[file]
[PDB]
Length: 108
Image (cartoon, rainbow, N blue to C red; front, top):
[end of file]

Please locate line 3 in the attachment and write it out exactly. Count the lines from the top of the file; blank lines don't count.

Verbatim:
Image (cartoon, rainbow, N blue to C red; front, top):